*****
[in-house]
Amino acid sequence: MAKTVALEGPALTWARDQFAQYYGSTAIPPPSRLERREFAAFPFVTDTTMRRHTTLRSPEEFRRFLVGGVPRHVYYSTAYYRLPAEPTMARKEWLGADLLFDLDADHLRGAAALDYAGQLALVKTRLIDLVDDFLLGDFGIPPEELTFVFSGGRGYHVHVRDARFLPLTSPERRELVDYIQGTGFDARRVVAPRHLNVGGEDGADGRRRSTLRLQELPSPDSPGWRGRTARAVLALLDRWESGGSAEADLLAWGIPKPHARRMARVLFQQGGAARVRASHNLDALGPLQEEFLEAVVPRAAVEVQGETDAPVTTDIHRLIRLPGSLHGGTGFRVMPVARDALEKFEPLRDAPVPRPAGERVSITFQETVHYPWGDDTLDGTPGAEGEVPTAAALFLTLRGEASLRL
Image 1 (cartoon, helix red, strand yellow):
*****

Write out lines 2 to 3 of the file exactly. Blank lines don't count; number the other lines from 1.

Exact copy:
Amino acid sequence: MAKTVALEGPALTWARDQFAQYYGSTAIPPPSRLERREFAAFPFVTDTTMRRHTTLRSPEEFRRFLVGGVPRHVYYSTAYYRLPAEPTMARKEWLGADLLFDLDADHLRGAAALDYAGQLALVKTRLIDLVDDFLLGDFGIPPEELTFVFSGGRGYHVHVRDARFLPLTSPERRELVDYIQGTGFDARRVVAPRHLNVGGEDGADGRRRSTLRLQELPSPDSPGWRGRTARAVLALLDRWESGGSAEADLLAWGIPKPHARRMARVLFQQGGAARVRASHNLDALGPLQEEFLEAVVPRAAVEVQGETDAPVTTDIHRLIRLPGSLHGGTGFRVMPVARDALEKFEPLRDAPVPRPAGERVSITFQETVHYPWGDDTLDGTPGAEGEVPTAAALFLTLRGEASLRL
Image 1 (cartoon, helix red, strand yellow):